WASHINGTON — States insist that children have all their immunizations before they can enroll in school.
Veterinarians even send reminder cards to pet owners when Fido or Tabby is due for a shot.
But no such safety net exists for adults, especially the elderly, who are particularly susceptible to many diseases preventable by vaccines, according to a new report about the low rate of adult immunization.
It found that a third of seniors received no immunizations against pneumonia in 36 states as of 2008. Just under a third of people over age 65 went without the seasonal flu vaccine that same year, as well.
"The country has an absolutely stunningly first-rate system for immunizing children, but too many adults fall through the cracks," said William Schaffner, an expert on infectious diseases at the Vanderbilt University School of Medicine.
The report was prepared by the Trust for America's Health, a nonpartisan health research group; the Infectious Diseases Society of America; and the Robert Wood Johnson Foundation, the largest health care philanthropy in the country.
The report, "Adult Immunization: Shots to Save Lives," said that millions of Americans forgo routine vaccinations for preventable diseases. Between 40,000 and 50,000 adults die every year as a result.
Failure to use them adds about $10 billion annually to the cost of heath care, according to the U.S. Centers for Disease Control and Prevention.
The seasonal flu can often lead to pneumonia among the elderly, which can be particularly lethal in that age group, experts said.
Nearly 32 percent of Kansas seniors age 65 and older had not had pneumonia vaccine in 2008, mirroring the national average.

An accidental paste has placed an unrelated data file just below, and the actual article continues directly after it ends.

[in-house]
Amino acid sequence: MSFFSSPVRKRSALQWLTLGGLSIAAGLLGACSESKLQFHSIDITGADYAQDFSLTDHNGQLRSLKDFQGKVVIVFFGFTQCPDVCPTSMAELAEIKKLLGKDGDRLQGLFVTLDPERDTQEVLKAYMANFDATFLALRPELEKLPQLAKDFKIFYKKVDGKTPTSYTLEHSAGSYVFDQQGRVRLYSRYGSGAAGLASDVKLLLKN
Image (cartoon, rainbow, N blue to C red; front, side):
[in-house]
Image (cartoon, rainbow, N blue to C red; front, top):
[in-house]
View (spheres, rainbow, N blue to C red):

Oregon had the highest immunization rate for pneumonia among seniors. Almost three out of four received the vaccine. Washington, D.C., had the lowest. Almost half the elderly population had not taken it.
One reason for low immunization rates among adults, according to the report, was that unlike schoolchildren or military personnel, many adults are not connected to an institution or network where vaccinations are required.
The report also said that adults usually see medical specialists for a particular problem and don't have primary care physicians who oversee their overall health, as children do.
Other roadblocks were the high costs of some vaccines, misinformation about vaccines' effectiveness and safety, and insurance coverage that limits or doesn't offer vaccine coverage.
Concern about the widespread availability of vaccines has figured in the debate over health care reform. Both the House and Senate bills contain language that would make them more easily obtainable.
"We need a national strategy to make vaccines a regular part of medical care and educate Americans about the effectiveness and safety of vaccines," said Jeffrey Levi, executive director of the Trust for America's Health.
The CDC has recommended that everyone over 65 be vaccinated for pneumonia. It hopes to reach 90 percent this year.
The report cited a 2007 National Immunization Survey by the CDC to highlight the problem of low adult vaccination rates:
* Just 2.1 percent of eligible adults had received vaccines for tetanus, whooping cough and diphtheria.
* Under 2 percent of patients 60 and over had taken the vaccine for shingles, an extremely painful condition.
* Just 10 percent of adult women 18 to 26 years old, the eligible age for the human papillomavirus, had received the vaccine.
* Only 36.1 percent of adults have been vaccinated annually for seasonal flu.
"It sort of plateaued at that level," said Glen Nowack, a spokesman for the CDC. "The next groups are not as easily persuadable. They have not been in the habit of getting the influenza vaccine. They have concerns about it, or don't believe it's going to be as effective. We've been working real hard to try and persuade them."